Finally, repeat after me: cappuccino is not to be had with a meal, or even after a meal. Many will tell you that it is forbidden after 11:00 am but I must admit I enjoy a good cappuccino in the middle of the afternoon.
Italians love their wine, and you will love it too. From massive wine centered events such as Vinitaly in Verona to smaller village fairs such as Cantine Aperte in Serdiana (Sardinia) where visitors pay a fixed price to visit all the local vineyards and try several wines, you will be able to appreciate good wine daily in Italy.
Many tourists associate wine tasting and vineyards with Tuscany, but honestly you should try to taste other wines too and I promise you won’t be disappointed. Each region in Italy has its grapes and makes its wines – they are all different. The best way to learn about Italian wines is to go on a good wine tour. Wine tours are available in every region of Italy.
I live in Sardinia, so I can easily comment about Sardinian wines and tell you which ones you should try, which ones you should bring home and which wineries you should visit. If you happen to visit South Sardinia, Cantine Argiolas in Serdiana do the best wine tasting tours in the region. Their Turriga is by far one of the best wines you will ever try – it is not cheap though.
There is nothing quite like a tiny cup of Italian espresso. Coffee in Italy is quite the perfect drink. So small, so packed with flavor, it will waken your senses. Sure, Italy doesn’t have coffee plantations and doesn’t produce coffee beans. But Italians know a thing or two about roasting the beans until perfection and they know how to create the most amazing coffee drinks: espresso, espresso macchiato, caffé shakerato, cappuccino, marocchino, caffellatte… and the list goes on.
Italian is one of the most beautifully sounding languages in the world. Musical, full of passion, you should definitely try to learn it: one of the reasons to visit Italy is to be immersed in the language and try to improve your skills. I recommend getting acquainted with it before visiting, so that you can try talking to locals. They will be helpful, I promise!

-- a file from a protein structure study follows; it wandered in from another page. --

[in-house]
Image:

Italy is not the cheapest country in the world, but it’s by far not the most expensive either. €16 euro will get you inside the Colosseum, the Roman Forum and the Palatine Hill – three of the most amazing sites in the world. You can easily splurge and stay in luxury hotels, eat at fine restaurants, shop at designer store and travel by fancy car, but if your budget is a bit more limited you can opt to travel in the shoulder season and you will find plenty of budget friendly places to stay and trattorie where you can eat delicious home cooked meals.
Have I inspired you enough to visit Italy? These are some of my posts that will help you plan your trip:
- What To Do And What To Avoid When Planning A Trip To Italy
- 67 Extremely Useful Travel Tips For Italy
- A Perfect Italy Itinerary: What To See And Do With 10 Days Or More
- A Guide To The Best Places To Visit In Italy
- Tipping In Italy: When To Tip And How Much
- 20 Best Movies About Italy You Need To Watch
- A Wonderful Itinerary For 5 Days In Rome
- 13 Fantastic Day Trips From Milan
- Ten Reasons To Visit Trentino In The Summer
- A Great Guide To The Things To Do In Catania, Italy